If you wrote a novel where characters talk like this would it inevitably be doomed to fail or can such literary inflection be explained by the need for realism?
>do people now speak this way out loud?
the internet has had a great impact on spoken language. i'm not talking about the people who autistically reference memes irl either, they are part of a wider transformation that it's hard to measure right now. but yeah writers gotta deal with it somehow, though it's hard to pull off.
It's a good point. If someone now communicates 60% via text, facebook etc writers have to involve it somehow.
Thing is I've seen so many horrible attempts at this. Authors who try and mimick the format of an online chat / text session are cringey, and the ones who writer - "c u later" texted John - are also pretty cringry IMO.
It's a more serious version of the argument between reflecting real-life speech patterns (dialects etc) in writing or simply converting the content of that speech into a readable form.
I know if I was reading a book about some depressed person I was expected to sympathize with, I'd feel far more emotional and empathetic if they said "Goodbye June, I guess I'll see you again sometime" than someone who says "ok bbz c u ltr [cryingfaceemoji.jpg]".
Tao Lin does it well in Richard Yates, though the way they talk is pretty much standard English with correct spelling and so on. "said on Gmail chat" really is a watershed moment or whatever for contemporary writing. I mean letters can "say" things, so why not text messages and emails and so on?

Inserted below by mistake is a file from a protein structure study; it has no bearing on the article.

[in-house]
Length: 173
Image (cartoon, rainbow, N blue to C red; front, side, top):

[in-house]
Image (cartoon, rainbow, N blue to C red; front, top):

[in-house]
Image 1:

I think it'll be a case of a writer saying "he said" and then giving the reader enough credit to be able to work out whether they're just talking online or whatever.
I hate it when writers write "he typed" or "he texted", it sounds false and tryhard.
This is true however I remember when that Giantbomb fat facecam fuck died from being fat, his wife went on a twitter teardrop tour and used CAPS LOCK TO EMPHASIZE their love, it was aptly grotesque considering the man himself. I guess there might be ways but I think it would work far better in a comic book medium where drawings would give context to words.
If need be, I don't see a reason why an author couldn't say "wrote" while referring to a text message, in the same way they would a letter. Just establish the medium and continue the dialogue as if it was a letter.
I'm 5'11, which I still consider to be manlet status but its not as bad living in Cajun country (the french heritage makes our whites pretty short). I just hate when a women wants to wear huge slut stilettos and then complains that she's taller than a guy. Youre basically on stilts you dumb broad.
I would sooner remain obscure as a writer for the entirety of my life than conform to that style of speech. If I were to incorporate it, it would only be as a subject of ridicule by attaching it to a somehow contemptible character.
Witness how the imbecile responds to a post that doesn't contain 'faggot' or a simple expression, the kind to which he is limited. Witness how all that extends beyond the simplicity he is accustomed to from consuming simple entertainment in excess qualifies as 'pseudo.'
If you make it realistic then yes it can be good
The same goes for anything. You can use any words you want in your writing as long as it's believable. I've seen writing like this used in books but there's a sort of uncanny valley that's present. You fall out of the reading trance and look up and see the puppeteer moving his strings or whatever